The Israel Electric Corporation may be drowning in debts, but for its employees, things are going swimmingly.
The IEC has five times more employees than the Haifa and Ashdod ports combined, and every year it pays salaries — financed by our electricity bills — that are ten times higher than the ones paid to employees of the Ashdod Port. Its debt is 30 times higher than all the ports in Israel, but the ministerial battles over the right to institute reforms are all concentrating on the ports, not on the IEC.
Just the bonuses that IEC employees received in 2012, which totaled roughly NIS 1 billion, are equal to a year’s salary of all the port employees. But they’re sending out IDF soldiers to risk their lives climbing cranes at the ports instead of suffering boredom in the corridors of the IEC, filled as they are with hidden unemployment.
So David Gilo, head of the Antitrust Authority, is going to declare the ports oligopolies? Stop pulling our legs. Every few months the IEC, which is an official monopoly, receives a warning letter from Gilo that is filed away nicely. That is, if it even reaches its destination.
Importing foreign port workers from abroad in case of a strike? That’s no big deal. In the private power industry, foreign workers have already been brought in to build cheap power stations at one-third the cost of those the IEC builds with public funds. But let’s see them connect to the power grid on their own.
So the exorbitant salaries at the ports are jacking up the cost of living? They amount to almost one-third of the interest the public will pay this year for the IEC’s scandalous debt-raising (the principal is nine times greater).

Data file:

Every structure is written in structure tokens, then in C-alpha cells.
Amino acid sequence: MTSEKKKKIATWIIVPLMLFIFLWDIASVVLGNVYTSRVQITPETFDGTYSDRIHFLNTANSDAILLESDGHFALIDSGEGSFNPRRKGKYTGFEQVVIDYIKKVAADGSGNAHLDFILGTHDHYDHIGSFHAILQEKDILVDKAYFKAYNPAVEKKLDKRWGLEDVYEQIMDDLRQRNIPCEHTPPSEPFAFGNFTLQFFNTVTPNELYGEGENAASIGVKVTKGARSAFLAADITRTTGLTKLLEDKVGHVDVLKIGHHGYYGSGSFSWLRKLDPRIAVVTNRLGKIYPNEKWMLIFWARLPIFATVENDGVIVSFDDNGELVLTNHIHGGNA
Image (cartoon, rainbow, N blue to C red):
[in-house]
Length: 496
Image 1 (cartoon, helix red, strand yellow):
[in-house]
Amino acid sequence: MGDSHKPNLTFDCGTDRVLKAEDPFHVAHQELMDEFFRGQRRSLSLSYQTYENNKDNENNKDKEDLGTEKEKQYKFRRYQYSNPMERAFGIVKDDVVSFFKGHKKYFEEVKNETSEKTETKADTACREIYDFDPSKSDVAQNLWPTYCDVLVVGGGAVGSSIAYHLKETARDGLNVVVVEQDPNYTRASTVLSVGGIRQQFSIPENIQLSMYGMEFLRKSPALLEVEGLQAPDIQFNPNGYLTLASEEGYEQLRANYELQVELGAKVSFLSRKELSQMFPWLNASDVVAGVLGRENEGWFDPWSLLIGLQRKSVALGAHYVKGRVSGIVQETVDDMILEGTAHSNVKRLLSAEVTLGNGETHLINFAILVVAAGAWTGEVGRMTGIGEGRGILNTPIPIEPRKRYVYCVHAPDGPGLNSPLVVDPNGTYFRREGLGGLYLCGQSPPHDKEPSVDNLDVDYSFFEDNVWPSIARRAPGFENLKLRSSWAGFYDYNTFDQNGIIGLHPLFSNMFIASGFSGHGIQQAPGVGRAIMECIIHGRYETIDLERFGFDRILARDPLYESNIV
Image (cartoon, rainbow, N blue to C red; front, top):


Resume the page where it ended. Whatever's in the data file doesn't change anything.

What about the NIS 4 million spent on the steak coupons that are distributed to employees at the Ashdod Port? The “free power” benefit, which costs NIS 160 million, isn't even conditioned on increased productivity.
So the committee members live it up when they visit ports abroad? Oh, come off it. Over the past two decades, the IEC has illegally collected NIS 5.4 billion in public funds, and nobody in the government has dared to ask for it back.
The above list is deliberately confrontational. Competition reform in the ports is important and will help to offset NIS 5 billion in accumulated damage to the economy from under-productivity. But at a time when the question “Where is the money?” is looming over us, it’s hard to understand just why we have no idea.
Why is it taking the IEC two years to empty out an illegal bank account of NIS 2 billion that could have saved five percent in the power rate? Why did the government mortgage NIS 9 billion for fundraising guarantees for the IEC while its employees received a NIS 1 billion bonus, paid for by public funds? The IEC’s answer was that its hands were tied; the bonus was stipulated in the “contract.” But six months ago, the state comptroller discovered salary-related irregularities amounting to NIS 3.4 billion that are not stipulated in any “contract.” A company where that happens honors contracts only when it’s convenient for them to do so.
Our elected officials would do well by their voters if they redirected some of their focus on the ports toward the electricity monopoly. If they did, they might well find support in an unexpected place: the Ashdod Port itself. Port officials have decided, starting next year, to pull the plug on the IEC and get power from a privately-owned, cheaper power station nearby.
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